9. improving nutrition and cooking education opportunities; and,
  10. expanding early childhood, school food, nutrition, and wellness programs.

To continue its efforts, CHLPI will host the Western North Carolina Diabetes Strategy Forum on June 9 at UNC – Asheville. The event will convene leaders in the Western region and focus on issues specific to rural communities.

PATHS staff member Sarah Downer was interviewed and quoted for the June 2, 2014 news article on North Carolina Public Radio “Report: Left Unchecked, Diabetes will Cost NC Billions.”

From Open Streets to Cooking Classes

From Open Streets to Cooking Classes, New Jersey PATHS Speakers Highlight Innovative Healthy Solutions

by Alexandra Maron, JD’15, Harvard Law School

As a student in the Center for Health Law and Policy Innovation at Harvard Law School, I was fortunate to have the opportunity to attend the New Jersey Diabetes Leadership Forum in Trenton, New Jersey on March 27, 2014. The event featured the release of the Center’s 2014 New Jersey State Report: Providing Access to Healthy Solutions (PATHS) funded by the Bristol-Myers Squibb Foundation in an effort to address type 2 diabetes in the state.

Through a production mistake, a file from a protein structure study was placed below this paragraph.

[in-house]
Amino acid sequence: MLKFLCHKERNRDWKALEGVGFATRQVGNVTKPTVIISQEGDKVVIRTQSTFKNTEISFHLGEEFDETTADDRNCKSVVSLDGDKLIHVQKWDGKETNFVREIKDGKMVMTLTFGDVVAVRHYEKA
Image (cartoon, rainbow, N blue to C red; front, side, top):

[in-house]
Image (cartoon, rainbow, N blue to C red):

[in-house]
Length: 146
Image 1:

The Forum featured two panels aimed at presenting what is currently being done in New Jersey to improve the type 2 diabetes situation in the state in addition to opportunities for improvement and ways to work together to find a solution. The first panel, which took place in the morning, was devoted to discussing the current initiatives and programs that different cities and counties within New Jersey have implemented to promote health and wellness.


From left: Panelists Mark Humowiecki, Charles Brown, Kim Fortunato, Elizabeth Reynoso, and Dr. Kemi Alli.